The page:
Who to tell
Sexual assault and abuse are against the law and if either of these are happening to you it’s important to tell someone you trust. Telling an adult gives you the best chance of making it stop. Adults you could tell:
- A parent, Aunt, Uncle, Grandparent or other relative
- A family friend or the parent of your best friend
- A teacher, the school counsellor, your doctor
- A service like Kids helpline or Sexual Assault Crisis Line
If it feels too hard to tell an adult right now, at least tell a close friend. They might be able to help you reach out to get the support you need.
How to tell
Telling someone can be really hard so think of ways to take care of yourself before you tell and afterwards. This could be:
- Spending time with a friend
- Going for a bike ride or a run
- Listening to music or watching a movie
Next, find a time to talk to your trusted adult when they’re alone. Check that they don't need to rush off anywhere. Tell them you want to talk about something that is important to you. Perhaps ask them to sit down and look at them so you get their full attention.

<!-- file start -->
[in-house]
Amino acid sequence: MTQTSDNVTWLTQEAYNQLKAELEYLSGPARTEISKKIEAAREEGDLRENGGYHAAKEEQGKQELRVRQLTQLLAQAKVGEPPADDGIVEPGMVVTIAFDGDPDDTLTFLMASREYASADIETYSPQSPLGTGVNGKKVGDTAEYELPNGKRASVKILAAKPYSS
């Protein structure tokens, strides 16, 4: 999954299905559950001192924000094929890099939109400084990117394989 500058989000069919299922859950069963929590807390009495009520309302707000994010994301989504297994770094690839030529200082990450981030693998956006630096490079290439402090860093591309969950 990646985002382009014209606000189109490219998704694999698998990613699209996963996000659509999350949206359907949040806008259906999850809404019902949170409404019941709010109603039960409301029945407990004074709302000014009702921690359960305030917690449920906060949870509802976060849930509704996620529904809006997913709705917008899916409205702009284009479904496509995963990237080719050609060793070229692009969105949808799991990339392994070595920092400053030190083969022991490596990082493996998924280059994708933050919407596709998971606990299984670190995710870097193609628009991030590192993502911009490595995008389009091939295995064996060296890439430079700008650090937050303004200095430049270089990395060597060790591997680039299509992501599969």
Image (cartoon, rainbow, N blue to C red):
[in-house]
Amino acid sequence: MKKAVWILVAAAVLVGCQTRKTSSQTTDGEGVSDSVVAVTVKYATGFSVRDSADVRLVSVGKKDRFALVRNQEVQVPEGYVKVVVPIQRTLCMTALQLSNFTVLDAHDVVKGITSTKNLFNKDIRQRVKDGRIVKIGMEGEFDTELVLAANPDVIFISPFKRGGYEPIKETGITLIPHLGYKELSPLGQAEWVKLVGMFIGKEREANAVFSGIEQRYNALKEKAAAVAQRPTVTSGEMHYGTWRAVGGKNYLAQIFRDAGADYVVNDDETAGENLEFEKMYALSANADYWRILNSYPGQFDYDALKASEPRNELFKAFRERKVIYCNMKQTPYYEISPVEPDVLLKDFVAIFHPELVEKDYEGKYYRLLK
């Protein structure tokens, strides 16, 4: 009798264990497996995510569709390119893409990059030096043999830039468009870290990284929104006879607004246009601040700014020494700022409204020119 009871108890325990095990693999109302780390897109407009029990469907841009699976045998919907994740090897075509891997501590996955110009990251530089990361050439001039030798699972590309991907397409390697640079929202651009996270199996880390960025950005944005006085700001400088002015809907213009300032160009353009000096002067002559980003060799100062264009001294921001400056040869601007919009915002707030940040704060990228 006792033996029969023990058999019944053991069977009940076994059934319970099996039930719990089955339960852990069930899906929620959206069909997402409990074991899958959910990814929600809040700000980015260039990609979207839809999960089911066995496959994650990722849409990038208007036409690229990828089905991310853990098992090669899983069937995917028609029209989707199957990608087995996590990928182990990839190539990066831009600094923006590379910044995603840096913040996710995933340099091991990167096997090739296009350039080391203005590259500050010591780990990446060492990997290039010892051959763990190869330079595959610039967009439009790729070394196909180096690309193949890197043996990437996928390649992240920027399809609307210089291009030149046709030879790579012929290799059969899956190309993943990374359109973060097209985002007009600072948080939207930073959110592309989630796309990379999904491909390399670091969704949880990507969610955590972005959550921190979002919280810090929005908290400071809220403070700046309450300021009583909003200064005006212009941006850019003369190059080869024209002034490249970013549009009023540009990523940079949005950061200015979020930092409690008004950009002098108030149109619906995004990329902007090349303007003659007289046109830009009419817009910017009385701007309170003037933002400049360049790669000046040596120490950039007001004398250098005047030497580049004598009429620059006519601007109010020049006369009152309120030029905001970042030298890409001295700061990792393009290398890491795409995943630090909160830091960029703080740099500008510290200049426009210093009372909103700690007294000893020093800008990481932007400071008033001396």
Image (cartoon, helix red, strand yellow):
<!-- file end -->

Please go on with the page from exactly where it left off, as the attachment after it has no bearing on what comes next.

What to tell
Use your own words to tell what happened. Only tell what you are comfortable with. This can be as little or as much as you want.
What might happen when you tell?
The person you tell may seem really upset or shocked after you tell them. This is normal because they care about you and it’s hard for them to know that you’ve been hurt. This doesn’t mean you shouldn’t tell anyone, or that you are to blame for the person being upset. It is the abuser who is responsible.
What if they don’t believe you?
If the person you tell doesn’t believe you or doesn’t help you - tell someone else . Keep telling until someone helps you.
What you might do next
After you’ve told your trusted adult or close friend, you can talk together about what to do next.